Less than five minutes after turning on my computer after returning from being out of town for three weeks, my computer went to the great junkyard in the sky. For the last few months, it had been ailing; I could hear the hard drive groaning and I suffered regular freezes.
But, it was 10 years old, so for it to have lasted this long is a credit to HP in an era when planned obsolescence is the norm. I had hoped to make it to the online Christmas sales, but missed them by a few weeks. So, off to the brick and mortar stores to see if I could get lucky.
And I did get lucky . Office Depot had a discontinued HP model on “clearance.” The ticket said $379 but when I asked for some informati9on about the specifications, a handheld scanner revealed the price had just been marked down another $30 to $349.
The memory is only four gigs but I can add another four gigs for about $30. And the power supply is pretty puny at maybe 150 watts when about 250 is better, especially if there’s a lot of USB peripherals plugged in. Torturing a power supply with lots of USB devices is not a good idea.
I thought I was going to have to invest $30 for my printer which was connected to a parallel port on the the old computer which new computers don’t have. But after looking close at it, I see it does have a USB option. Probably USB 1.o, since it is an old printer. But, I don’t print much.
I had hoped the operating system would be Windows 7 Professional, which has an XP compatibility mode for “legacy” software and which I could upgrade for free to Windows 10 later next year after I had time to address the older programs. But it did not and so I swallowed and took Windows 8.1. I do have Windows 7 Home which I plan to install on a second hard drive so I can run some, but not all, those legacy programs. Or, I might find an online deal on Windows 7 Professional.
Being prepared for hard drive crashes, I also have a fairly recent image of my old hard drive. So another option is to restore Windows XP and all my other programs onto a second hard drive. When I built my own computers a la carte, I made sure to select a case with a number of open internal expansion bays but these days you rarely have those. There’s always duct tape… 😉 (Whether I’ll have the motherboard connections is another issue.)
Getting used to Windows 8.1 has been a bit of a challenge. Fortunately, there’s Google to ask how to do something. I was relieved that a lot of utility programs which I feared would not work do in fact work.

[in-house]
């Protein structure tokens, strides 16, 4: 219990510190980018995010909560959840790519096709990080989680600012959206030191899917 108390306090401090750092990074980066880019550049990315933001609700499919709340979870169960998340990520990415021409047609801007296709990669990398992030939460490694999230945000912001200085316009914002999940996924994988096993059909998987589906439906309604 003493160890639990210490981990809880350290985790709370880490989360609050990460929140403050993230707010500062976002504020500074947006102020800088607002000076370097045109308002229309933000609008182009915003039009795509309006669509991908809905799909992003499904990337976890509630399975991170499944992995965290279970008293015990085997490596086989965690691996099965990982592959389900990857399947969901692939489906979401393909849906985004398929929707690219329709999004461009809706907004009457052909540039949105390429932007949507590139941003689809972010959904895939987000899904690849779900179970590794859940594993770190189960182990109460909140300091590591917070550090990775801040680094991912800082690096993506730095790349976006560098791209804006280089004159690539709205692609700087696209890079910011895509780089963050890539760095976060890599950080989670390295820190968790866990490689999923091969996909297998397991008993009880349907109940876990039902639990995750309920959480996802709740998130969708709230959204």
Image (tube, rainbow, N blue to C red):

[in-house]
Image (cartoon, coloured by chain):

But my big headaches are from two major programs which Windows 8.1 is not compatible with. My website uses FrontPage 200o, so I’ve had to search for a free one which is most similar to it. To date, the solution is a program called Page Breeze. However, it doesn’t seem to have a “thumbnail” procedure which allows me to set a maximum width or length for a large photo and then shrink it to my preview size while also automatically creating the link to the original.
I do have a stand alone program for creating thumbnails which is very fast. I created 75 thumbnails in about one minute. Problem is, I haven to manually create the link and Page Breeze isn’t a breeze in this procedure. I should be able to just click on the thumbnail, click a “link” button and then choose the photo to link to from a pop up screen of my photo folder. But no…I have to enter a URL, and they aren’t short.
A lesser problem is that I have a lot of work in MS Works, which came free with Windows XP. I have a few years of monthly financial investment tracking in the spreadsheet and other a number of documents in the word processor.
Fortunately, I have a 30 trial of MS Office Suite. I can open the text documents in Word using a free converter and then print those out. I should also be able to convert them to a plain vanilla text editor since they have no special formatting.
And I was able to open my financial tracking spreadsheet in Excel without a converter. I can print that out and then find a free spreadsheet progam to enter the new information. If I’m lucky, I can import the Excel spreadsheet into whatever free program I find.
My “free programs” website of choice is nonags.com. While there are various types of membership, the $80 lifetime membership is the best value. Membership allows you to download the program from the site, where it has been checked for viruses, etc. and there are no “add ons.” Otherwise, you have to go to the author’s site or another site and those versions may have “add ons” or worse.
Progress…. bah humbug! 😉